Some of us, even avid fans of The Archers, have long lamented the inconsistent attitude towards disability in this phenomenally long-running radio drama. Set in the fictional village of Ambridge in the similarly fictional rural county of Borsetshire, the few disabled characters tend to appear fleetingly, a mere blip on The Archers timeline, which stretches over several decades.
This includes the character of Bethany, a child with Down’s Syndrome born a few years back, conveniently shifted to Birmingham when she reached school-age, thus depriving listeners with disabled children of the chance to hear their endless battles over education explored – and so validated – on air. Disability has also been associated with evil, as we heard in the character of Rob, a manipulative and abusive man, mocked by villagers when he became ill. This included almost knocking him to the ground as he hobbled away from an argument with the support of a walking stick. His illness was seen as a just manifestation of his evil nature, and so it was fair game to attack him.
More recently, we have the harrowing storyline of Alice, who is an alcoholic. As befits this usually gentle radio soap, the issue is covered in a frank and informed way, made all the more alarming by the fact that when Alice discovers she is pregnant, she is unable to stop drinking. Her husband Chris, on learning of Alice’s alcoholism and the extent of her deception about her dependency, helps her to enter a support programme. But even then, Alice can only reduce her drinking gradually.
At the time of writing, Alice has given birth, unexpectedly six weeks early. Although baby Martha appears to be doing well, questions revolve around whether she will have been damaged in some way by her mother’s unhealthy pregnancy. Chris is torn between his strong love for his daughter and his fear that she might have a learning disability, for example. He constantly uses the word “perfect” to describe little Martha, thus raising the question that she might not be “perfect”. Alice meanwhile, is wracked with guilt that she might have hurt Martha through her drinking. Chris loves Alice deeply and understands that alcoholism is an illness, but he is conflicted over the impact it might have had on the baby.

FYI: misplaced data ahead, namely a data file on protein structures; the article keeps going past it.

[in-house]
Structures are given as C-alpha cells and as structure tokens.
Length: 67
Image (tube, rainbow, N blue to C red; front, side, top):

One issue that has always dogged mothers of disabled children is that they are considered somehow to blame for their child’s disability. It is rife in certain cultures, and not exactly absent in the UK. This includes the idea that emotionally distant mothers – “refrigerator mothers” – cause autism in their offspring, or that giving birth to a disabled child is somehow punishment for wrong-doing.
The difficulty with Alice’s storyline is that disability is inextricably intertwined with mother blame. To explore alcoholism through pregnancy means that one cannot be separated from the other. If baby Martha has a learning disability and so is deemed not to be “perfect”, it will be Alice’s fault. Surely it must have been possible to develop an alcoholism storyline without opening the door to this unhelpful narrative of disability and flawed mothers. As a parent of an autistic child, I have experienced this directly: “I’m not surprised you have an autistic child” some relative stranger once threw at me, by way of an insult.
It is bad enough that the young female characters in The Archers must always be defined in relation to their status as mothers, let alone that the idea of having a disabled child is considered beyond the pale. I don’t know how things will pan out for baby Martha, but I suspect that her parents will love her regardless of any disabilities she might have. I look forward to the day when The Archers has a character who also happens to be disabled, rather than this being a dramatic or temporary device. A disabled character that stays as long as the matriarchal Peggy, in the soap for over sixty years, who, on learning that Bethany had been born with Down’s Syndrome, refused to look at her in her pram.
Read a book chapter by Professor Katherine Runswick-Cole and myself in which we explore attitudes towards disability in The Archers:
Runswick-Cole, K. and Wood, R. (2017) ‘Bag of the Devil: The Disablement of Rob Titchener.’ In Courage, C. and Headlam, N. (eds), Custard, Culverts and Cakes: Academics on Life in The Archers, Bingley: Emerald Publishing.